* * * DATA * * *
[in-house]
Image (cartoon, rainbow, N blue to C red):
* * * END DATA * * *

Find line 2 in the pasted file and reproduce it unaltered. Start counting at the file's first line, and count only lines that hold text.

Image (cartoon, rainbow, N blue to C red):